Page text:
in the world," said she. When I promised her I would
    say nothing she kissed me, and I have never seen her
    since. I have told you now the whole truth, and if I
    withheld it from the police it is because I did not
    realize then the danger in which my dear friend stood.
    I know that it can only be to her advantage that
    everything should be known.'

    "There was her statement, Watson, and to me, as you
    can imagine, it was like a light on a dark night.
    Everything which had been disconnected before began at
    once to assume its true place, and I had a shadowy
    presentiment of the whole sequence of events. My next
    step obviously was to find the man who had produced
    such a remarkable impression upon Mrs. Barclay. If he
    were still in Aldershot it should not be a very
    difficult matter. There are not such a very great
    number of civilians, and a deformed man was sure to
    have attracted attention. I spent a day in the
    search, and by evening--this very evening, Watson--I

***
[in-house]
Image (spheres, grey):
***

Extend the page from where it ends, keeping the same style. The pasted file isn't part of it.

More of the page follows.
had run him down. The man's name is Henry Wood, and
    he lives in lodgings in this same street in which the
    ladies met him. He has only been five days in the
    place. In the character of a registration-agent I had
    a most interesting gossip with his landlady. The man
    is by trade a conjurer and performer, going round the
    canteens after nightfall, and giving a little
    entertainment at each. He carries some creature about
    with him in that box; about which the landlady seemed
    to be in considerable trepidation, for she had never
    seen an animal like it. He uses it in some of his
    tricks according to her account. So much the woman
    was able to tell me, and also that it was a wonder the
    man lived, seeing how twisted he was, and that he
    spoke in a strange tongue sometimes, and that for the
    last two nights she had heard him groaning and weeping
    in his bedroom. He was all right, as far as money
    went, but in his deposit he had given her what looked
    like a bad florin. She showed it to me, Watson, and
    it was an Indian rupee.

    "So now, my dear fellow, you see exactly how we stand
    and why it is I want you. It is perfectly plain that
    after the ladies parted from this man he followed them
    at a distance, that he saw the quarrel between husband
    and wife through the window, that he rushed in, and